- “It’s about transparency, involvement. IBM, RedHat, Apple have all agreed to working with us to make OpenJDK the best platform for open source development … it is a sign that the community has been waiting to move the Java platform forward.”
- “It’s not just about Oracle anymore, it’s about Java, the technology, the community, the developer base, and how we work with them to move the innovation forward.”
- “Java is strategic to Oracle, and the community is strategic for Java to be successful … it is critical to our business.”
- On JavaFX 2.0: “… is coming to beta soon, with a release planned in second half [of 2011] … will give you a new, high-performance graphics engine, the new API for JavaFX … you will see a very strong, relevant platform for levering rich media platforms.”
- On the JDK and SE: “… aggressively moving forward, JDK 7 is now code complete … looking good for getting JDK 7 out by summer as we promised. Started work on JDK 8, Jigsaw and Lambda are moving along nicely, on track for JDK 8 release next year … good progress.”
- On Java EE and Glassfish: “… Very excited to have Glassfish 3.1 released, with clustering and management capabilities … working with the JCP to shortly submit a number of JSRs for Java EE 7 … You’ll see Java EE 7 becoming the platform for cloud-based development.”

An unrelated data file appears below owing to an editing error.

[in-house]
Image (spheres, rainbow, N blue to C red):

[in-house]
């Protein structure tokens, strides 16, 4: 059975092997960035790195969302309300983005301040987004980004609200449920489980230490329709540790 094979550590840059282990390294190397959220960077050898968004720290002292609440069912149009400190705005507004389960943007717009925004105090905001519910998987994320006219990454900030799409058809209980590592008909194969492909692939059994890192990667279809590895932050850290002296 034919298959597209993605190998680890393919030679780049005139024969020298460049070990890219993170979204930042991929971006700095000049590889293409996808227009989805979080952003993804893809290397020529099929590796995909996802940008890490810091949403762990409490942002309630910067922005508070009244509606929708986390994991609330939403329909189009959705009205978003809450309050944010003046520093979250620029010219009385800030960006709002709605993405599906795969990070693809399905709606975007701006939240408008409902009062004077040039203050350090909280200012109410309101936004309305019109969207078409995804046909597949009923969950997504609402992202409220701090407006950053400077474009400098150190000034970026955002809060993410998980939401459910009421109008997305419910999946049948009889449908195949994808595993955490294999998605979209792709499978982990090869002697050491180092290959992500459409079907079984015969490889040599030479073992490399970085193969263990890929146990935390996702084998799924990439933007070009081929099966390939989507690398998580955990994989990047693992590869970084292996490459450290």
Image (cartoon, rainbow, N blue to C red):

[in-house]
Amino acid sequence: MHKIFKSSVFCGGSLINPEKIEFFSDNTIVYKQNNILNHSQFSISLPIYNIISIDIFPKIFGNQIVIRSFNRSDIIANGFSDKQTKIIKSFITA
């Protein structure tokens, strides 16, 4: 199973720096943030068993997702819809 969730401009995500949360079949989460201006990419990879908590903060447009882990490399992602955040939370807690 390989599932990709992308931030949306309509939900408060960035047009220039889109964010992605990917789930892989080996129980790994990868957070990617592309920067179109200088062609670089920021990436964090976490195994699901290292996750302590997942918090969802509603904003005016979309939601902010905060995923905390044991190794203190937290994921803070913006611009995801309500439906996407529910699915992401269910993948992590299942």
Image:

- “You will see Oracle continue to step up to this role of Java steward, making sure that the language, the technology, the platform … is competitive, relevant, and widely adopted.”
Highly recommended viewing.
A quick weekend wrap-up of a couple of news-worthy items this week:
- As Mark Reinhold reports, JDK 7 has reached feature-complete. This is great news as it means that JDK 7 is coming along pretty much on time and beta-testing can begin as soon as the Developer Preview is released.
- Bruno Souza, representing the 40,000 members of SouJava, has been nominated by Oracle to the JCP Executive Committee. Read more about it on Henrik Stahl’s blog, or Patrick Curran’s blog.
- The Java Spotlight episode 14 features Geertjan Wielenga, NetBeans Principle Product Manager at Oracle. Geerjan talks about the latest new and cool features in the NetBeans IDE as well as the benefits of using the NetBeans RCP platform for your own desktop applications.
- And, last but not least, Facebook has announced a Java ME version of their mobile Facebook application, available immediately and working on more than 2,500 phones from Nokia, Sony Ericsson, LG, and others. For more information, see “The Daily Dose”.
Happy weekend! Cheers,
Just wanted to make sure you saw this article: “New Beginnings: It’s Time for the Yearly ‘State of the JCP’ Review”, by Patrick Curran, chair of the JCP. Patrick speaks about the state of the membership, elections, active JSRs, expert group participation, and recent JSR changes.